A new story has been making its rounds on Facebook – that is: breakfast cereals marketed to children contain paint thinner. What? Why the hell would they need to put paint thinner in cereal?
Here’s the scoop. Food safety activists spotted something on a label of Lucky Charms that didn’t sit well:
Trisodium Phosphate concerns escalated late in 2014. The image above began circulating over social media in force, with the cereal box and the cleaning agent juxtaposed. Naturally, people freaked out.
While TSP is a great cleaning agent, but as Snopes points out:
It is true that trisodium phosphate is effective as a cleaning agent, due in part to its alkalinity. Sodium bicarbonate is a similarly scary-sounding chemical compound used in heavy-duty cleaning, as an agent to detarnish silver, and to extinguish fires. But you cannot make chocolate chip cookies without the leavening power of baking soda, as it is more commonly known, and leavening is another common use for sodium phosphates. Similarly, water is a very common substance used for such tasks as cleaning, scrubbing silverware, and extinguishing fires, yet it poses no harm to consumers.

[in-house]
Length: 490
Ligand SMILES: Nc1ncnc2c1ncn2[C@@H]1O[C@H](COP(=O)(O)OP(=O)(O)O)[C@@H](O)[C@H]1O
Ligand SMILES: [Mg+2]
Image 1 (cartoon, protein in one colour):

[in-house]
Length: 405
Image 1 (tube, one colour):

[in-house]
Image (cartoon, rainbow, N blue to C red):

At the end of the day, the FDA has approved TSP as safe, and it also meets safety standards in the European Union. TSP in high concentrations can be used to clean your walls, but there’s a huge difference between TSP and paint thinner, which is typically comprised of turpentine, mineral spirits, and acetone – all chemically unrelated to TSP.
At the end of the day, it’s great that so many people wish to be aware of the potential dangers lurking in food, and labels like these can be fairly eye opening. But it’s important to educate ourselves about what the things listed on those labels actually are, especially before we rampage around the internet freaking out.